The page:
United to aquire US Airways


Sep 12, 2002
As the labor groups at UAL conclude the final negotiations with Glen Tilton to insure a company reorganisation outside the court system, look for an expidited loan approval by ATSB. The new cost structure will allow for additional capital infusion beyond the guarantee. Look for UAL to grow aggressivly, especially in the low cost operation area. While current economic conditions are horrible, UAL will have a cost structure that will allow it to gain market share especially in ORD,LAX,DEN,IAD when conditions improve next year. Also look for UAL to aquire thru the bankruptcy court those assets of US Airways which do not fit the regional airline model. Gates and aircraft at PHL,CLT,BOS. With code share framework in place UAL will be able to placate DOJ, and provide US Airways with a much needed capital infusion as the company shrinks its operations going foward. As US Airways is fragmented look for Seigel and WOLF to take the money and run, leaving a strong north south feeder.
While some on the US board see their company rising from the ashes to dominate the airline world, an ever increasing number of industry and goverment insiders are seeing a much smaller company who's resources and strategic direction will be goverened by the opportunist investors that are currently involved.
The regional model is the niche that Seigel ultimatly envisions for US Airways, lets wish them the best of luck.
ohcaptainron....I feel much better now. There's no place like home, don't part with those ruby slippers Ron. Sweet dreams...
You forgot to begin your fairytale with once upon a time...
I think most analysts expect UAL to go chapter 11 sometime before the end of October. Then the restructuring of assets which remain (after the creditors pick through them) will constitute a new UAL. That's what I would expect.
This scenario is not so far-fetched.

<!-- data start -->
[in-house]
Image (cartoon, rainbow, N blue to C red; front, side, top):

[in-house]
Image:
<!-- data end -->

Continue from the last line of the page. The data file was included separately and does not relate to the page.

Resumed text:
The following was posted by magsau on another thread, but it deserves to be restated here:

The following is from Channel NewsAsia.

----United Airlines says it may be able to avoid bankruptcy

03 October 2002 0913 hrs (SST) 0113 hrs (GMT)

US carrier United Airlines said it may be able to avoid a widely-feared bankruptcy filing if it is able to work out a deal with labour unions.

It is not a foregone conclusion but we will really only know over time, said chairman and chief executive Glenn Tilton.

He said his management team was doing everything it can to work out a deal with labour unions that would enable the carrier to return to profitability.

We are doing... everything we can, both management and labor, to reposition this airline... to compete in an out of court restructuring, he told reporters.

The two sides have been negotiating a cost cutting plan.

Unions have proposed US$1 billion in annual cuts for five years, while management in August said US$1.5 billion was needed annually for six years.

United Airlines has applied for guarantees from the Air Transportation Stabilization Board for US$1.8 billion of a two billion dollar loan.

Former chief executive Jack Creighton, who left last month, said in August the airline was preparing for possible bankruptcy ahead of US$875 million in debt payments due this quarter.

- Channel NewsAsia
You're still dreaming. UAL, as it exists right now, is beyond hope. Any other conclusion is purely the figment of imagination of people in deep denial. If the economy were to quickly recover it would buy more time, but would not fix the problems. Dream on....
Note to anyone who thinks either airline will acquire the other in the foreseeable future:

Your IP address is being logged, and you be subject to random drug screening upon reporting back to work.